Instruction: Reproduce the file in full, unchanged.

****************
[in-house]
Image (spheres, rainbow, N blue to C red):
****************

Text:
[in-house]
Image (spheres, rainbow, N blue to C red):